Out West Arts: Performance at the end of the world

Opera, music, theater, and art in Los Angeles and beyond

Music for a While

October 12, 2011

Andreas Scholl Photo: James McMillan
Wow. That was my overall reaction to the performance that Andreas Scholl gave on Tuesday in Los Angeles where he appeared alongside the musicians of The English Concert under conductor Harry Bicket. The visit was part of the Los Angeles Philharmonic’s Baroque Variations series, which this year has an especially strong line up including appearances by Concerto Köln, the Philharmonia Baroque Orchestra, and Europa Galante with Vivica Genaux. But all of those shows have a lot to live up to given the sheer beauty of Tuesday’s performance. The night was dedicated primarily to the music of Purcell, and featured a grab bag of bits from both King Arthur and The Fairy Queen in no particular order. There was also a sonata from Biber and a passacaglia from Muffat. Both highlighted Bicket’s clear-headed period-infused approach to the material. The playing was brisk and spirited with the Muffat standing out especially.

Yet, it was the German Scholl who quickly became the centerpiece of the evening, even with the most English of Baroque ensembles playing the music of one of the most English of composers. Scholl sang a little bit of everything Purcell, covering both excerpts from the larger works previously mentioned, but also three airs and two other works, “Dido’s Lament” from Dido and Aeneas and “O solitude, my sweetest choice” thrown in for good measure. Scholl has an easy and accessible manner that matches his particularly bright and piercing tone. His vocal powers are formidable, and selection after selection he continued to impress. "Music for a while" was touching and good enough to serve as a real encore at the end of the evening. Scholl's take on "What power art thou" from The Fairy Queen was amazing for his ability to convey breathlessness in the most vocally satisfying ways. This wasn't gimmickry, but good old-fashioned technique and it was simply captivating. Even Scholl's version of "Dido's Lament" seemed to buck convention. This wasn't one of those romanticized, bloated renditions favored by too many mezzos, but a simplified, almost stripped down take, notable more for its profound restraint than its excesses.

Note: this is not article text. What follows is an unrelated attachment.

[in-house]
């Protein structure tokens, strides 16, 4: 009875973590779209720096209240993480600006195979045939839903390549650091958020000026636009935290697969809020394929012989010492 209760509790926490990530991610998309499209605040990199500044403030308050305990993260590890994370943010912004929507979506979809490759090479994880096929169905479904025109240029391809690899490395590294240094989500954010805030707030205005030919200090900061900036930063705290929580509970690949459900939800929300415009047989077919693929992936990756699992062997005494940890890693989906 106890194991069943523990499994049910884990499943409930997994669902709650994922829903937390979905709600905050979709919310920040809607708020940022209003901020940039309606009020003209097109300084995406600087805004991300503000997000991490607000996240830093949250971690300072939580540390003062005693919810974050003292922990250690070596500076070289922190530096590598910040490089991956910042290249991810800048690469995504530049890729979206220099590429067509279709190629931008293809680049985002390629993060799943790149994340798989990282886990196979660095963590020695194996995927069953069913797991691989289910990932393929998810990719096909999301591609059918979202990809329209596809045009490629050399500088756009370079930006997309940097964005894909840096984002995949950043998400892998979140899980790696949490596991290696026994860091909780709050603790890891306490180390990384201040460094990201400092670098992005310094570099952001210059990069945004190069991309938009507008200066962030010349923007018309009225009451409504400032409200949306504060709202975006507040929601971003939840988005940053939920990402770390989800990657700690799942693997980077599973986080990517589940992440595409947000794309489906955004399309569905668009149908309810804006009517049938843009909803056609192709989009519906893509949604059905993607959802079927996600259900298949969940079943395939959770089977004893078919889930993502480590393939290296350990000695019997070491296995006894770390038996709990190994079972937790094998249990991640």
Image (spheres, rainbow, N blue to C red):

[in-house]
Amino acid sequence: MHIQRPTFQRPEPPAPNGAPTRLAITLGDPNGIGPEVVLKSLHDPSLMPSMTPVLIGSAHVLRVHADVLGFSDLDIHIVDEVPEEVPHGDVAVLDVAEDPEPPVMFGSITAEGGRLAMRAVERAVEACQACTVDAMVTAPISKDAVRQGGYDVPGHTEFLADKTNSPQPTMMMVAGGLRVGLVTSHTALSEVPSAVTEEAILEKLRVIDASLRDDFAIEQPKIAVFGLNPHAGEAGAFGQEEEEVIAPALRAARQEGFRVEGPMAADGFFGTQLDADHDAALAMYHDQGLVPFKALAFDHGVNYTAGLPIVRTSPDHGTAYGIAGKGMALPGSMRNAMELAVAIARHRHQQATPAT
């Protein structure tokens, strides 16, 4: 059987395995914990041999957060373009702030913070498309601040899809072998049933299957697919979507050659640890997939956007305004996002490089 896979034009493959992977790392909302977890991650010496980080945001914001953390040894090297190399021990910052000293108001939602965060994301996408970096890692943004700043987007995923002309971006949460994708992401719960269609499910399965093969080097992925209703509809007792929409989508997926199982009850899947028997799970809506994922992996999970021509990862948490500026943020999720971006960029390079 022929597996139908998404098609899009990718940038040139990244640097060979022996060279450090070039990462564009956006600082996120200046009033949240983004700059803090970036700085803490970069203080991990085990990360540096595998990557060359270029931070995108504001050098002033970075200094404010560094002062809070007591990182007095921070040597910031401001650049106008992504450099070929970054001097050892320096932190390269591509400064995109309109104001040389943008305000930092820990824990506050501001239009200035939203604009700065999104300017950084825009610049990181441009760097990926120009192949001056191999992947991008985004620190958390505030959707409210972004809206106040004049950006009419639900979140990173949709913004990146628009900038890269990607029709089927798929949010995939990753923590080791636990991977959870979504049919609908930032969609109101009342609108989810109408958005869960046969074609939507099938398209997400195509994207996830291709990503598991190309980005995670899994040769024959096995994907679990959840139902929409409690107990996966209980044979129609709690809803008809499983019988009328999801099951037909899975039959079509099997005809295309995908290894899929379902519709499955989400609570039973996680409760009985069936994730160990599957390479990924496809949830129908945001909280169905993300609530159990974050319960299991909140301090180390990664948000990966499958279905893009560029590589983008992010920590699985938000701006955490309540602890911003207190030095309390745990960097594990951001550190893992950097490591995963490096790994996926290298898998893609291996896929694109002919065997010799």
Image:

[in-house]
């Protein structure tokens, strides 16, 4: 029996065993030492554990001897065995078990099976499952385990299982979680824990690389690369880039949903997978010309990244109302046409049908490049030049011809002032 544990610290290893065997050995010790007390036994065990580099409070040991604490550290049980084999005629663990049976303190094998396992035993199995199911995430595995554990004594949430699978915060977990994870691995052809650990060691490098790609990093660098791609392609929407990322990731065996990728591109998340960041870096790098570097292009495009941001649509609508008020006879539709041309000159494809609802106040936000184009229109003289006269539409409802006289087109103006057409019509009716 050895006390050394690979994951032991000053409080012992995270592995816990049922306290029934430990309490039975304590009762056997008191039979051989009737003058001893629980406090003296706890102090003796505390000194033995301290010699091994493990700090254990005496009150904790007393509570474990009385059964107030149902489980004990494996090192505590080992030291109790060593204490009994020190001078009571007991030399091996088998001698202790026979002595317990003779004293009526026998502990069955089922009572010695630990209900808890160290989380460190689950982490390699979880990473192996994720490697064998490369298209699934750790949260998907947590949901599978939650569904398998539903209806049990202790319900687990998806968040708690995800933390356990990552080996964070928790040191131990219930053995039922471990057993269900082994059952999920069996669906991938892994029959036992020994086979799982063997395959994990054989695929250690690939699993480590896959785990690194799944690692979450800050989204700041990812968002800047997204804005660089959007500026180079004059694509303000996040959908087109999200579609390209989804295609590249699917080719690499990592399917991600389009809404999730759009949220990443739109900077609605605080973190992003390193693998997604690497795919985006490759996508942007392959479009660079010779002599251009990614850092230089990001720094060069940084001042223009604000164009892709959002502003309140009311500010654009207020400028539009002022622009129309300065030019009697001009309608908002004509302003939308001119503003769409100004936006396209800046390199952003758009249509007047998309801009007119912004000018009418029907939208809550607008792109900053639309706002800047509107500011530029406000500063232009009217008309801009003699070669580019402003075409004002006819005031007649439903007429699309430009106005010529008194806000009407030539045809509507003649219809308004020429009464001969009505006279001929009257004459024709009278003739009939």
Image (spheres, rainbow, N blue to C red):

The English Concert and Scholl are headed around the country including an appearance at Carnegie Hall this month and it's a winner of an evening. And if you miss him there, it's a sure bet that his appearance in Handel's Rodelinda at the Metropolitan Opera starting in November will be largely rewarding. Don't worry if you won't be in New York, though. Rodelinda will make it to the Met's HD Live series across the world on December 3, and Scholl's got a new recording of Bach cantatas just out this week as well. It's your chance to see one of the world's greats, so take advantage of his proximity while you can.


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